Note from AJ Tatum:
I originally wrote this blog post on June 29, 2021, and I have updated it for 2022 with my knowledge of Gravity Forms and why I still believe it is the most effective forms plugin for WordPress. Although the blog post below includes a lot of the original content, I’ve added new content exploring Gravity Forms further and highlighting some helpful third-party plugins to help you get the most out of Gravity Forms.
One key component to any WordPress site or any website are forms for contacting you, subscribing to your newsletter, scheduling a consultation, and endless other possibilities.
When it comes to building forms in WordPress, Gravity Forms is by far my favorite. I’ve tried other plugins like Ninja Forms and WP Forms, and they were worthy components but, at the end of the day, I found Gravity Forms to be a more mature product that had an active development community, plenty of add-ons, and lots of integrations to services I use like ActiveCampaign and Zapier.
In this post, I’m going to go over everything you need to know about Gravity Forms and how to implement them on a page. If you prefer to watch a video, I did a screen recording in 2021 that goes over Gravity Forms; you can find the video at the bottom of this post.
- What Is The Gravity Forms Plugin?
- Who is Gravity Forms For?
- What Kind of Fields Are Available?
- What Are Some Core Gravity Forms Features?
- How to Add a Gravity Form to a WordPress Page
- The Vast Integrations with Gravity Forms
What Is The Gravity Forms Plugin?
Gravity Forms is a premium WordPress plugin that is a powerful forms builder that will help you create beautiful, stylish, and fully functional forms on your website. Form types include contact forms, multi-step forms, job application forms, surveys and quizzes, eCommerce payment and donation forms, and much more!
It allows you to collect information, and then you can choose what to do with that information.
For example, you can connect Gravity Forms to your email marketing or digital marketing service.
If you don’t have that setup, no fear! It can store the results inside WordPress and also email you whenever a new submission is entered.
Who is Gravity Forms For?
Since Gravity Forms is so powerful, you might think it’s targeted towards more advanced users. However, that’s not the case at all!
It has a very easy to use & intuitive drag-and-drop editor that allows you to quickly add new fields and columns.
If you don’t know where to start with your form, you can choose from 13 pre-defined templates.
With over 45 add-ons (if you purchase their “Elite” license), you can easily connect Gravity Forms to your favorite email marketing service, CRM, take payments via PayPal or Stripe, and connect to other services such as Slack and Trello.
So, whether you’re completely new to WordPress or a developer, installing and using Gravity Forms is extremely easy to use. In my use cases, pretty much every integration is just a few clicks!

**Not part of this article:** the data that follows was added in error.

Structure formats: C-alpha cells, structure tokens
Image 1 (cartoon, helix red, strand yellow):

What Kind of Fields Are Available?
Gravity Forms has many fields that come with it out of the box; however, if you purchase other add-ons that integrate with it, additional fields become available.
You can add “Standard Fields” such as:
Additionally, they have “Advanced Fields” which are fields you’d normally expect on contact forms, etc. What’s unique about Advanced Fields is that they already have “autocomplete” enabled for that field.
For example, one Advanced Field is “Name” which allows you to ask for the user’s First and Last Name (and Middle Name if you wish) and when the user clicks on the field it will automatically suggest pre-populated values.
Additional Advanced Fields include:
Beyond these fields, you’ll find unique fields like “Post Fields” if you want to use Gravity Forms to post content and “Pricing Fields” for products, etc.
One integration that I especially like is the one with Simply Schedule Appointments. Essentially, I can add a unique “Appointment” field to any form. I’ll dig deeper into additional plug-ins that work with Gravity Forms a bit later in this post.
What Are Some Core Gravity Forms Features?
As mentioned earlier, their Form Builder is one of their more attractive features. The Gravity Forms builder functions as a user-friendly drag-and-drop interface. In the form editor, you can easily add new fields, select types of fields, and rearrange the fields as needed.
Email Notifications & Forwarding
By default, every new form has “Admin Notification” enabled, which basically means that you’ll receive an email whenever someone completes a form. The email contains all the fields from the form.
However, notifications can be configured based on a field from the form or you can configure routing.
Typically, you’d choose “Select a Field” if you want to send an email confirmation to the user completing the form. In this scenario, you’d select the Email field from the form.